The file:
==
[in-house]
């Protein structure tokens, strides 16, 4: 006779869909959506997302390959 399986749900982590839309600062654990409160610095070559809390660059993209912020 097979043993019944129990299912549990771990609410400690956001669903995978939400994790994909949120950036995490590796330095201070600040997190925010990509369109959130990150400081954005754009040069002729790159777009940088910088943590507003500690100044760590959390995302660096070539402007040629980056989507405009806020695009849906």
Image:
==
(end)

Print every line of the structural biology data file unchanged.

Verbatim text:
[in-house]
């Protein structure tokens, strides 16, 4: 006779869909959506997302390959 399986749900982590839309600062654990409160610095070559809390660059993209912020 097979043993019944129990299912549990771990609410400690956001669903995978939400994790994909949120950036995490590796330095201070600040997190925010990509369109959130990150400081954005754009040069002729790159777009940088910088943590507003500690100044760590959390995302660096070539402007040629980056989507405009806020695009849906």
Image: